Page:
Go big or go vegan … never again

By , Opinions Editor  |  Wednesday, September 25, 2013 11:33 PM

This week I wanted to do something radical- something to put me out of my comfort zone and challenge me. For five days, I went vegan. This meant not eating meat, dairy products or any food that included animal products.

The five days felt like one long, awful snacking period.

I like to pretend that the first day wasn’t as bad as I predicted. But I’ll be honest; it sucked. I kept telling myself that it was all an adventure, in hopes that I’d train my brain into thinking being vegan was fun. It wasn’t. At breakfast, I tried soy milk for the first time. Turns out I hate soy milk in all forms. I moved on throughout the day, trying to keep my positive, black-bean-burger-eating self happy.

But at dinner on day one, I almost lost it. CC_COLUMN_GRAPHIC

I was incredibly jealous of my friend drinking milk, but I knew I had to have self-control. That, or I didn’t have the energy to snatch his glass, thanks to my lack of protein intake. I took my sass out on my dairy-drinking friend verbally instead. Sorry, Dan.

The next days blurred together. Usually my meals and pleasant interactions with people are what help me remember my days. Instead, I drifted through the week and had trouble focusing.

I’m a huge dairy fan. Milkshakes, skim milk, yogurt and cheese are my go-to foods. I’ve never craved them as much as this week. I decided on Thursday night that I was going to end my vegan adventure on Friday, instead of following my original plan of holding out until Sunday. I couldn’t do it anymore.

When I woke up Friday morning, I nearly leapt out of bed in anticipation of eating meat that night. And by leapt, I mean stumbled from my lack of nutrition.

It’s not that I wasn’t eating. I did eat; lots of veggies, grains and fruits. Picture what a rabbit eats; that was me. But I never felt satisfied with what I’d eaten. Hummus, jelly, wheat-based snacks, noodles, bread not made with butter, french fries, beans, and tons of fruits and vegetables made up my meals this week. While I could have gone to a grocery store to buy more vegan-friendly foods, I thought trying to make my diet work while eating on campus would be easier.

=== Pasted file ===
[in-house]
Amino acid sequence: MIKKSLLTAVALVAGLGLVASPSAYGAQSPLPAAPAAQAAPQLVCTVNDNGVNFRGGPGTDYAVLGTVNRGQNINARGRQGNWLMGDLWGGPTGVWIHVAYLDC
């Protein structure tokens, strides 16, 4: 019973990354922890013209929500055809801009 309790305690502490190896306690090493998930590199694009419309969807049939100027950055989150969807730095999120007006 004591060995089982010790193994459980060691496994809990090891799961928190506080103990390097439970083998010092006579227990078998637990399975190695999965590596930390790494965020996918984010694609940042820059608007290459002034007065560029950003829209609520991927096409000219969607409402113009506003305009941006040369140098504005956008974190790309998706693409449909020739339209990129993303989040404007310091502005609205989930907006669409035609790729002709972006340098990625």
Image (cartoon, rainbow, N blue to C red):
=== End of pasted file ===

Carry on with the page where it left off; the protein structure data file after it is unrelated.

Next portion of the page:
A vegan-friendly wrap; Red Pepper Hummus, Guacamole, corn and lettuce. This is an example of one of my meals from the week. (Caroline Rode/TommieMedia)

A vegan-friendly wrap: red pepper hummus, guacamole, corn and lettuce. This is an example of one of my meals from the week. (Caroline Rode/TommieMedia)

What I started to realize was that it would be a lot easier if I’d been passionate about my reason for not eating animal products. Instead, it was a self-imposed diet that I really wasn’t devoted to in the long run.

Many of my peers questioned why I was doing this, and some told me not to follow through, saying I’d have a hard time going vegan. One friend sent me constant Snapchats, showing a picture of his angry face and the caption, “Eat meat.” He told me I’d never make it through Tuesday, but I did. Even though I didn’t like going vegan, I made a commitment and went vegan for five days. Well, minus the Juicy Lucy burger Friday night, but that was my reward for making it that far.

I did have a hard time. Not only did I want to consume animal products, I didn’t realize how often things like milk and honey end up in my favorite meal or snack. When I was confused about what I could eat, I read the labels and subsequently punched the food container when the words “milk powder” or “honey” showed up on the box.

Perhaps I didn’t prepare much for this week. I decided the day before to go vegan, not preparing far in advance for the hard week ahead. I didn’t set myself up for success. At first, I was excited about the challenge, but I wasn’t passionate enough about what I was doing, which didn’t help. One of my biggest takeaways from the five days was that it takes passion and devotion for a lifestyle change to be successful.

Would I go vegan again? Maybe for a day, but probably not. Who am I kidding? I will never do that again. If vegan is your thing, go for it. As for me, I’ll be enjoying a smoothie with frozen yogurt and a warm Bosco Stick from the Pit Stop.

Caroline Rode can be reached at rode8318@stthomas.edu.

This item was posted in Opinions and has 7 comments so far.


  1. Emily Dehart